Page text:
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September 1995

Impact of Managed Care on One Training Program: University of Florida at Gainesville

Arch Surg. 1995;130(9):930-931. doi:10.1001/archsurg.1995.01430090016005

SO FAR, OUR COLLEAGUES have covered many of the problems likely to happen with managed care, and we have been asked to relate the impact of managed care in a relatively rural area, that of our program at the University of Florida, located in the north central Florida city of Gainesville (population, 93091).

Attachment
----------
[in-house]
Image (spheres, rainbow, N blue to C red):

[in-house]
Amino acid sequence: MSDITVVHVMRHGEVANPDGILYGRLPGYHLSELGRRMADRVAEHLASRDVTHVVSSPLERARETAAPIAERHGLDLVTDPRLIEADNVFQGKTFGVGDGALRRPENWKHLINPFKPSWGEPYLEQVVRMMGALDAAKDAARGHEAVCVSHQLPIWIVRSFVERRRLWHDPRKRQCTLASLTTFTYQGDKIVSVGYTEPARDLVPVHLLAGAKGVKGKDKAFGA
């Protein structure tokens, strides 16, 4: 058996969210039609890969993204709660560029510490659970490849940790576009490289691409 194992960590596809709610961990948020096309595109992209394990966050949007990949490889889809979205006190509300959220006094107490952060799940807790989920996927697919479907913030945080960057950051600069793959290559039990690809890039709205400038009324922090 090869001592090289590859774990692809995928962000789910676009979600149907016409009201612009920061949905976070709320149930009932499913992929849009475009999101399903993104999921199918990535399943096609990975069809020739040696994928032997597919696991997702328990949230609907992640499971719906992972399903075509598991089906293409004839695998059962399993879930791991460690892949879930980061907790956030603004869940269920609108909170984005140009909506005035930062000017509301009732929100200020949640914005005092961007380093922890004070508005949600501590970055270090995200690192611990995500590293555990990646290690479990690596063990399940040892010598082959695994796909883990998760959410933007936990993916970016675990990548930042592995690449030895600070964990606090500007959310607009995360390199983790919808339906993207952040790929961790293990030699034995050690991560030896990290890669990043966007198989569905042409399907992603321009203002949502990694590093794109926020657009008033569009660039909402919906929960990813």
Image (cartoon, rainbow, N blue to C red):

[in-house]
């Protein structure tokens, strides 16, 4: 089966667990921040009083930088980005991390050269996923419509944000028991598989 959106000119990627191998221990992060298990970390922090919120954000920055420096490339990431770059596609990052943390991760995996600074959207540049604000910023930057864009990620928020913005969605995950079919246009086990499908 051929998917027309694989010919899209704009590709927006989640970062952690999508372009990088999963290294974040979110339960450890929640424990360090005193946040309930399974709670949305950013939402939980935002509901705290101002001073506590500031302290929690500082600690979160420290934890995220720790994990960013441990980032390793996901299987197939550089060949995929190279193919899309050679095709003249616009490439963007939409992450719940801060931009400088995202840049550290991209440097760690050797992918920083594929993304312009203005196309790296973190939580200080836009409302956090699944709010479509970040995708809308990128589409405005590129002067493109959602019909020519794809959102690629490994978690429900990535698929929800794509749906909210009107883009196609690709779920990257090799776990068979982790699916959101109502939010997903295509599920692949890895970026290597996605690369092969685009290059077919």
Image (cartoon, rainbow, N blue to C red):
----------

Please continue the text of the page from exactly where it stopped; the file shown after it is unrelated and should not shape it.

Two years ago, our dean created a graduate medical education task force for strategic planning purposes. I (E.M.C.) was eager to be a participant in that task force to have the best opportunity to protect the number of general surgical resident positions at our institution. If resident positions were to be lost, I wanted them to come from other services that I considered to be overstaffed relative to surgery. No resident positions have been lost to date, but the committee developed some interesting data that I would like to share with you. When the committee first met,

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